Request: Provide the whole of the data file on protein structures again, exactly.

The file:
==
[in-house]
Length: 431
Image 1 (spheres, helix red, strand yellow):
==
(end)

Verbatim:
[in-house]
Length: 431
Image 1 (spheres, helix red, strand yellow):